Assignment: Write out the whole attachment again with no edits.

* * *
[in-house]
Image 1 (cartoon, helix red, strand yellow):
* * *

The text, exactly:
[in-house]
Image 1 (cartoon, helix red, strand yellow):